A while ago, I purchased an Elektron Octatrack from Alessandro Cortini. Alessandro is a prolific musician who regularly creates albums upon albums of his own music, and spent 2013 and 2014 performing live with How To Destroy Angels and Nine Inch Nails. He used the Octatrack in dozens of shows with both bands.
What the Octatrack does is secondary to the lessons I learned from this deal. The Octatrack is probably one of the most interesting and powerful sequencers and samplers currently on the market, although pigeonholing it in that category gives short shrift to its true capabilities. But don’t take my word for it:
The important thing is how some comparatively uncreative lawyer managed to buy a really cool piece of equipment off one of the guys in Nine Inch Nails.
It was easier than you might think.
#1 Know What You Want.
My interest in electronic music started in 2013 when I was looking for a guitar effects processor. I encountered the Teenage Engineering OP-1 and, after a few minutes of playing with it, lost all interest in the guitar. I began reading and learning more about electronic instruments: drum machines, sequencers/samplers, and a huge world of modular synthesizer equipment.
After reading reviews, articles, forum posts, and everything else I could find, I settled on a few pieces of equipment to buy over time. Among them were the Elektron Analog Keys, a longing that was superseded by the Dave Smith Instruments (“DSI”) Prophet 6, an Octatrack, and a drum machine–probably an Elektron Rytm.
YouTube was another fruitful source of information. Numerous videos show all of these items in action, as well as many other items I considered. These videos were about as influential as forum posts in narrowing the list of equipment once I identified the broad thrust of what I needed. Watching the work of people whose work you enjoy is a useful way to see what tools are appealing, or aren’t.
Using YouTube, I could search for what I wanted without the distraction of neat stuff that did not fit my immediate needs. And there is a lot of really cool stuff in the latter category.
#2 Know Where To Look.
I didn’t start calling talent agencies in LA saying that I wanted to buy X instrument from Y artist. I also don’t want to give myself too much credit here, either, because this largely happened by accident. But there is a valuable lesson in my experience.
Once I got serious about electronic music, I began reading, and later posting on, one of the premier forums for the subject. Shortly after Christmas, I ran a search to see if anyone was parting with a keyboard before the new year. Nobody was selling an Analog Keys, which was well enough in light of how enticing the Prophet 6 wound up being, but I clicked through a few threads and saw someone selling an Octatrack. One thing led to another, and here we are today.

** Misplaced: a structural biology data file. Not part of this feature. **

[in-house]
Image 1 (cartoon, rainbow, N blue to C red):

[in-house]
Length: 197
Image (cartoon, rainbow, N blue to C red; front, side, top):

I’m not going to post further details. The Internet is a small place, particularly if you have niche interests. Message boards, blog comments, and other places where the like-minded congregate are a surprisingly good place to meet people above your power level. My Octatrack purchase actually is one of my less notable experiences of bumping up against (and even becoming friends with) interesting people over the Internet.
#3 Be Flexible.
In point #1, I mentioned having a list of equipment I wanted to buy. The Octatrack was last on the list; logically, a sampler and sequencer and needs source sounds to build upon. However powerful the Octatrack is, it is an empty vessel and needs sounds, whether from a synthesizer, a drum machine, or any other source.
My priorities were flexible. I could always purchase and beg for samples to load onto the Octatrack, and I would always have time to create sounds to put on it later. But the chance to buy Alessandro’s would only come along so often.
I had to scrap my planned order for buying instruments and jump on the opportunity that presented itself. In return, I have not just any Octatrack, but one with a cool origin story.
#4 Act With Audacity.
My first contact was limited to asking if the Octatrack was still available. From there, it was just a few brief exchanges about logistics and payment. I assumed the sale from the beginning.
This had a few advantages. Absent a bidding war, nobody is going to turn down a buyer willing to supply cash. Rather than an elaborate dance of compliments and trying to force some kind of friendship, I was to the point about what I wanted and what I’d pay for it. This made it easy to keep advancing the transaction even after some delays, as discussed below in point #5. It also eliminated the possibility of anything seeming “weird” about the deal and causing it to implode.
I doubt I’m alone in declining to meet or do business with people who seem off to me via phone or e-mail—something that normally can be ferreted out by discussing topics other than business. On an unrelated note, this is why golf is still valuable and relevant today. Be blunt; be concise; do not be supplicating.
You can read more about using audacity in your own life here.
#5 Be Patient.
Two things resulted in my purchase process taking about one month from first contact to receiving my Octatrack. First, the site I used for the transaction had massive outages and downtime. This was nobody’s fault, and the site’s administrator worked tirelessly to get the site back up and running, with its records restored. But without the site being up, it was impossible to communicate and keep advancing the deal.
Second, and more universally, people who are better than you are busier than you. Define “better” as you wish; the point remains the same. When you’re a stranger who only has money to offer, you are a low priority to people who established relationships with high-level colleagues. You are the outsider, you are the parvenu nobody, and you are on their schedule. But if you accept this, the rewards can be gratifying.